User Tools

Site Tools



Here we collect a list of frequently asked questions:

Q: How to start a simulation?
A: Creating a Simulation

Q: How to create a robot?
A: Creating a Robot

Q: How to create a controller?
A: Creating a Controller

Q: How do I add variables to be visible/configurable from the console?
A: Short answer: You use addParameter() or addParameterDef() from the Configurable interface.
Long Answer: Configurable

Q: How do I add variables to be visible in Guilogger/MatrixViz or written to file?
A: Short answer: You use addInspectableValue() or addInspectableMatrix() from the Inspectable interface.
Long Answer: Inspectable

Q: How do I record a video?
A: Press Ctrl+r in the graphical window to start/stop video recording. A new directory with single frames will be created (reported on the console). Afterwards, go into this directory and use the script (see encodevideo). The videos are always in sync with the simulation, even if your computer is to slow. Just set the speed you want (realtimefactor) and the final video will have the correct timing. Do not use maximal speed (realtimefactor=0). Also all agents are logged and tracked automatically (and the files go into the video folder) The logfiles contain stamps for each frame, such that it can be perfectly associated. You can use it for instance with matrixviz to generate a video of the matrices.

Q: How do I attach additional sensors?
A: You can attach to each robot sensors (and even motors) at creation time. You create the robot as usual. Then you attach sensors by providing an Attachement description that decides to which primitive/joint the sensor/motor is attached. Here an example: robot→addSensor(std::make_shared<SpeedSensor>(1), Attachment(-1)); Attachement(-1) means main primitive. Note the generation of smart pointers with make_shared. See Sensor class and its subclasses. Examples: ode_robots/simulations/tests/torque_sensor/main.cpp

Q: My robot is exploding, what can I do?
A: It typically means the robot is wrongly constructed. Here is what you can do ./start -pause -allkeys then by pressing w in the graphical window allows you to see the wire frame, which may help to see how joints are aligned. Make sure the initial position of the segments is such that they do not intersect (except when connected by a joint) and the joint angles are within the ranges that are typically set by the servos motors. Another typical reason is if your motors are far too strong and/or your segments are too light. You can temporary try with simstepsize=0.0001 to see how things move. This typically avoids falling apart, but is not a final solution.

Q: How to attach a camera to a robot?
A: You can attach one ore more cameras to any robot. You need to create a Camera and a CameraSensor. The latter converts the frames from the camera into a vector of sensor values. A more detailed description see Camera.

Q: How to change the wiring of sensors and motors between robot and controller?
A: You have to define your own wiring as an subclass of AbstractWiring. Check the implementations of One2OneWiring (selforg/wirings/one2onewiring.cpp) and CopyWiring (selforg/wirings/copywiring.cpp)

Q: How to record/display the trajectory of a robot?
A: Use after the initialization of the agent:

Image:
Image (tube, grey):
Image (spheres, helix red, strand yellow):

see also TrackRobot and the example here ode_robots/examples/sphericalrobot/main.cpp. This will track the main object of a robot (returned by getMainPrimitive()). You can also track individual segments of the robot by agent→addTracking(primitiveIndex, TrackRobot(…), color).

Q: How to reset/relocate a robot?
A: you can use Ctrl+h to relocate a robot to its initial position, however only the main primitive is brought in the same initial configuration. You can do it programatically by storing the initial position (and configuration) and restoring it later. Then you can also move/orient the robot of you wish.

  robot->place(TRANSM(0.0, .0, 1.0));

Then later, e.g. in command() you reload and reorient the robot

  robot->moveToPose(ROTM(M_PI/2,0,0,1)*TRANSM(0.0, .0, 1.0));

Q: How to use the derivative sensor?
A: The DerivativeSensor computes the time derivative of a given sensor. The sensor of which to compute the derivative is an input parameter to the constructor. For example, the derivative sensor can be used to model an acceleration sensor:

DerivativeSensor* accSensor = new DerivativeSensor(new SpeedSensor(1.0, SpeedSensor::TranslationalRel, SpeedSensor::XYZ), 1.0);

The second parameters allows a rescaling of the derivative by a given scaling factor. This can be useful, if the derivatives are small. If the original sensor returns more than one value, the derivatives will be stored in the same order as the unmodified sensor values.
As the derivative sensor inherits from Sensor, it can be attached like any other sensor.

Q: How to use the range finder?
A: The RangeFinder class provides a more convinient interface to the RaySensorBank. The main purpose of this interface is to be able to easily create a range finder, that is several ray sensors at certain, equidistant angles. The angle of a beam is measured with respect to the orientation of the Primitive to which the range finder is attached. Thus, a beam with an angle of 0 is in the same direction as the underlying primitive. A beam with an angle of 90 points orthogonally to the left of the orientation of the primitive. To create a range finder with 15 beams in the range of [90, -90] attached to a primitive body:

rangeFinder->registerSensorRange(15, M_PI/2., -M_PI/2., maxRange, height, RaySensor::rayDrawMode drawMode);

There are three additional parameters. maxRange is the maximum range of each beam, drawMode specifies how the beam is visualized (see RaySensor). The parameter height moves the range finder upwards to avoid unwanted collisions between beams and other parts of the robot.

faq.txt · Last modified: 2014/09/22 14:30 by georg